The Greater Everglades once covered over 18,000 square miles from Central Florida and South Florida from north of Lake Okeechobee to the Florida Bay. The unique land and water characteristics of this area produced a rich diversity of plant and animal life unique to the region.
However, approximately 56 plant and animal species have been put on the endangered species list since water management controls were implemented in the early 1900’s. In fact, more than half the Everglades has been lost to development.
As a way to “restore, preserve, and protect the south Florida ecosystem while providing for other water-related needs of the region, including water supply and flood protection,” Congress authorized the Comprehensive Everglades Restoration Plan (CERP) in 2000. This is the biggest hydrologic restoration project in United States history, with a budget of $10.5 billion and a timeline spanning over three decades.
The goal of the CERP is to restore the region, as closely as possible, to its undisturbed condition. It includes about 68 projects in a region stretching from the northern Everglades past Okeechobee to Florida Bay and has been designed to replenish the natural water flow while providing fresh water to over 6 million people.
What is the CERP?
At one point, over 450 billion gallons of water flowed through the Everglades National Park. Today, that number is closer to 260 billion. The Modified Water Deliveries Project, a restoration project that preceded the CERP, was developed to increase this water flow to around 325 billion gallons by 2010. However, demands from a rapidly growing South Florida urban population began to compete for this water.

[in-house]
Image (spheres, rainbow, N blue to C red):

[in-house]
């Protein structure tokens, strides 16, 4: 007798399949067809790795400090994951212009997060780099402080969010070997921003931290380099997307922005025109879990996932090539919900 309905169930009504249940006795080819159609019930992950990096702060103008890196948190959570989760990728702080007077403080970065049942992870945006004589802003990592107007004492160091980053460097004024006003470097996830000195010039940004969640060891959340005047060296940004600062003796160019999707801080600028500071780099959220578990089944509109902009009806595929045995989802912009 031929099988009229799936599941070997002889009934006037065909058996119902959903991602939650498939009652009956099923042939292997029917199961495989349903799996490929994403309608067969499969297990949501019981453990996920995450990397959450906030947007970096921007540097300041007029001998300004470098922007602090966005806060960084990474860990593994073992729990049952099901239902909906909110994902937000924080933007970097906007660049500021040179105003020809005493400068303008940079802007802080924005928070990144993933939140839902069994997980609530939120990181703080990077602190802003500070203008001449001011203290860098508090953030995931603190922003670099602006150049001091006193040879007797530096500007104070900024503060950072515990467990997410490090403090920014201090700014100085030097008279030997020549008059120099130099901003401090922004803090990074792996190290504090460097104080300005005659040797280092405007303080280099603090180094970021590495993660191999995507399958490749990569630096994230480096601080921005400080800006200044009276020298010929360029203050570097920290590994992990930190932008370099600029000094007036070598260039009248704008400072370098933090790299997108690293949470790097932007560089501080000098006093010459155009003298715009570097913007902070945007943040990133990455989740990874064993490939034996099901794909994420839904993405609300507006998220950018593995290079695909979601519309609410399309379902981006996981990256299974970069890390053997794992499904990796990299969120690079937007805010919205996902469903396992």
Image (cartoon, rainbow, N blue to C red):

The CERP is recognized as the largest environmental program in history. It was developed in 1999 by scientists, policy makers and public stakeholders to address environmental concerns such as population growth and water use. In 2000, the State of Florida formed a partnership with the federal government in order to mitigate these concerns.
The plan is expected to increase freshwater storage capacity and distribute this water for urban, agricultural and environmental purposes, reducing the reliance on water designated for the park.
The U.S. Army Corps of Engineers is the lead federal agency and the South Florida Water Management District (SFWMD) is the lead state agency in this effort.
How Will it Work?
The CERP has over 68 components. The four most important components to South Florida national park units are:
- Decompartmentalization – The Water Conservation Area 3 Decompartmentalization and Sheetflow Enhancement Project will remove levees and filling canals to restore the natural sheetflow and ecological connectivity.
- ENP Seepage Management – There is a significant amount of water that continuously seeps from natural areas into nearby developed areas. The ENP Seepage Management Project is designed to reduce the amount of water that is lost on the eastern side of the park.
- Biscayne Bay Coastal Wetlands - With freshwater flows to the bay being reduced by water management systems, salinity levels in this area often exceed natural concentrations. The intent of the Biscayne Bay Coastal Wetlands is to promote even distribution of freshwater into the bay and restore natural conditions.
- C-111 Spreader Canal – The C-111 canal directs floodwater from western Miami-Dade County into Florida Bay. However, the outpour is concentrated in one portion of the bay, disrupting natural salinity levels in that area. The CERP includes plans to build an east-west spreader canal to restore the natural flow and improve conditions in the bays.
Restoring the Region
There are 68 projects in total that are designed to replenish the natural water flow while providing freshwater to over 6 million people.Over the past five years, significant progress has been made in restoring the Everglades, as closely as possible, to its undisturbed condition. The CERP projects completed during this timeframe include:
- State-expedited C-111 Spreader Canal Western Project
- The Melaleuca Eradication
- Other Exotic Plants Research Annex
To learn more about the Everglades Restoration Project, visit the National Parks Service website today.